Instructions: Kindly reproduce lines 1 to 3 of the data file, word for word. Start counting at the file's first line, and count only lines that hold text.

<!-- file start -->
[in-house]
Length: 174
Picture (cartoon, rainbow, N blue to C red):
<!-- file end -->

[in-house]
Length: 174
Picture (cartoon, rainbow, N blue to C red):